6. Fire Emblem.  Yes.  Advance Wars?  Not so sure.  Will check it out.   Thanks for the response:)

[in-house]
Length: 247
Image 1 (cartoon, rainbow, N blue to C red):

7. It depends. To me, the idea of a 'story based game' is a bit of an oxymoron. A game may have a background story that provides some context and theme for a game, but if you try to shoehorn a linear concept such as a pre-written story into medium which is fundamentally non-linear, something is going to suffer. Sometimes it's the story - the author is forced to try and think of every eventuality, and/or accept the fact that sometimes things will happen that don't make a whole lot of sense. In either case, the effort involved in writing the story balloons as you try and cover all the possible branches, often with the result that overall quality suffers. Sometimes it's the game. In order to retain the sense of the story, the player is forced onto rails, with limited choice. The player can't even fail - there's no 'win' or 'lose', its more 'finish the story' or 'don't finish the story', usually with boredom or frustration being the cause of the latter. Or perhaps the game is interspersed with an excess of non-game fluffery, long text sequences or cutscenes with no TL:DR option. And once I've sat through the whole thing, what motivation is there to play it again? Often, it's both, to some degree. On the other hand, all games have a story - the meta-story the player experiences during his own path through the game. This to me is a far more dynamic and interesting area to explore than a fixed, handwritten plot. If you can establish engaging lore and backstory, and provide the players with the gameplay tools to do so, they will tell their own stories. And those stories will be unique for every player, on every playthrough. So to answer your question: If you can make an engaging'meta-story' experience, I will definitely play it and enjoy it. Otherwise, I might have a quick play of your story based campaign, but the chances are, unless you can avoid committing any of the Strategy Game Story Deadly Sins, I probably won't finish it, and head off to multiplayer/skirmish instead.   I think you are right so far as you can't really have it both ways - you can't have an interactive story where the player has complete freedom to do whatever, and think you can have a cohesive, unified, engaging narrative. But I think you are wrong when you say that games are fundamentally non-linear. Most games have one beginning, one ending/conclusion and progress in a linear fashion from the beginning to the end (with bubbles of freedom of action along the way).   I believe the reason story and games don't seem to mix well is because of 1. bad writing (such as too much exposition, back-story and red herrings), 2. trying to incorporate branching story-lines and multiple endings (mass effect 3 anyone?), 3. story is an after-thought slapped upon the game-play. I'm going to have to disagree.  I think you can have both an engaging narrative and a non-linear gameplay.  Basically, by throwing out bits of lore and story around in the game world, the player can put the pieces of the puzzle together.  Every action will have consequences, and will have an impact on the story.  By no means will the story be simple; it will be complicated at some points, but that's why it can be so intriguing.     But thanks a lot for your opinion:) Constructive criticism really helps get the brain moving, so it's greatly appreciated.